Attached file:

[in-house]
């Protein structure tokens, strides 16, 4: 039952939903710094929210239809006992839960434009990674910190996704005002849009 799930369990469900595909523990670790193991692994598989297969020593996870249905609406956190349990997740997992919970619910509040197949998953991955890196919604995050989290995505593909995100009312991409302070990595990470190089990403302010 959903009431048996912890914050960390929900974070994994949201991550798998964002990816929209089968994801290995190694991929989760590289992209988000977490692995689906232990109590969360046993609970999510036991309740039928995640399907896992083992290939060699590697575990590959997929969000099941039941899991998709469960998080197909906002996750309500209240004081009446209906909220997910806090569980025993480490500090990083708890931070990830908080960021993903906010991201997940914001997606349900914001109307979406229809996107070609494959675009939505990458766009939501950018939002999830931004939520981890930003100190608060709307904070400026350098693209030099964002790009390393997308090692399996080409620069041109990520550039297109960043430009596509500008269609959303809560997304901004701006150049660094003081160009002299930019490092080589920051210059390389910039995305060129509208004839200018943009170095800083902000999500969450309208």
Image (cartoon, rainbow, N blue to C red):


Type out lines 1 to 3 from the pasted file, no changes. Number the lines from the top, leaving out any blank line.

[in-house]
């Protein structure tokens, strides 16, 4: 039952939903710094929210239809006992839960434009990674910190996704005002849009 799930369990469900595909523990670790193991692994598989297969020593996870249905609406956190349990997740997992919970619910509040197949998953991955890196919604995050989290995505593909995100009312991409302070990595990470190089990403302010 959903009431048996912890914050960390929900974070994994949201991550798998964002990816929209089968994801290995190694991929989760590289992209988000977490692995689906232990109590969360046993609970999510036991309740039928995640399907896992083992290939060699590697575990590959997929969000099941039941899991998709469960998080197909906002996750309500209240004081009446209906909220997910806090569980025993480490500090990083708890931070990830908080960021993903906010991201997940914001997606349900914001109307979406229809996107070609494959675009939505990458766009939501950018939002999830931004939520981890930003100190608060709307904070400026350098693209030099964002790009390393997308090692399996080409620069041109990520550039297109960043430009596509500008269609959303809560997304901004701006150049660094003081160009002299930019490092080589920051210059390389910039995305060129509208004839200018943009170095800083902000999500969450309208």
Image (cartoon, rainbow, N blue to C red):